“We’re following the developments regarding Sweden and Finland, but we don’t hold positive views,” Erdogan told reporters.
He criticized the Scandinavian countries as “guesthouses” for terrorist organizations and implied that some terrorists are in the parliament in some countries.
“It is not possible for us to be in favor,” he added.
Erdogan also said that allowing Greece to join NATO was a mistake that he doesn’t want to repeat with Finland and Sweden.
Turkey has repeatedly slammed Sweden and other Western European countries for their handling of organizations deemed terrorist organizations by Ankara, including the Kurdish militant groups PKK and YPG, and the followers of U.S.-based Islamic cleric Fethullah Gulen.
Ankara says Gulenists carried out a coup attempt in 2016. Gulen and his supporters deny the accusation.
The Turkish leader’s remarks could pose a problem for Sweden and Finland as new NATO members need unanimous agreement.
In response, Finnish Foreign Minister Pekka Haavisto called for patience and a step-by-step approach in response to Turkish resistance. He also said he was due to meet his Turkish counterpart in Berlin on Saturday.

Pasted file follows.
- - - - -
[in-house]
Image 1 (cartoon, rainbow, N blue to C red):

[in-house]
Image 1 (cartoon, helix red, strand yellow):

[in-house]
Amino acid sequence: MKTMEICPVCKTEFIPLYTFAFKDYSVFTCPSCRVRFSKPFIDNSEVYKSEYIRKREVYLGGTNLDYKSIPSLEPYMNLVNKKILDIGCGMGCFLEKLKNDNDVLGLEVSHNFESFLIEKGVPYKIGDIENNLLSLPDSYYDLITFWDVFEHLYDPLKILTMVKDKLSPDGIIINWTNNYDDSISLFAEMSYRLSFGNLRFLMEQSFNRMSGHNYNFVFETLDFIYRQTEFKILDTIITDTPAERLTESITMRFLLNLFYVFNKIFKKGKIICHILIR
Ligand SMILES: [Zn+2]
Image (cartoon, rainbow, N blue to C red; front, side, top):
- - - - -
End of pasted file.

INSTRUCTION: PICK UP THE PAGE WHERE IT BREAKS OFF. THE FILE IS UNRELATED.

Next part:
Meanwhile, Sweden said it remained confident it could secure unanimous backing for any NATO application it could submit.
The United States is trying to clarify Turkey’s stance.
“In terms of the comments President Erdogan has made, we’re working to clarify Turkey’s position,” Karen Donfried, Assistant Secretary for Europe and Eurasian Affairs at the State Department, said during a call with reporters.
The topic will be discussed at the NATO ministerial meeting over the weekend in Berlin as foreign ministers from Turkey, Sweden, and Finland, among others, will be attending, Donfried said.
Finland and Sweden are already NATO’s closest partners, sitting in on many meetings, getting regularly briefed on the situation in Ukraine, and taking part in regular military drills with NATO allies.
Much of their military equipment is interoperable with NATO allies.
However, they cannot benefit from NATO’s collective defense clause until they join the alliance.
Russia’s invasion of Ukraine has pushed the two countries to seek collective defense mechanisms with joining NATO as one option.
The two countries signed new security deals with the UK on Wednesday.
British Prime Minister Boris Johnson pledged to support both countries’ armed forces should they come under attack.
Reuters contributed to the report.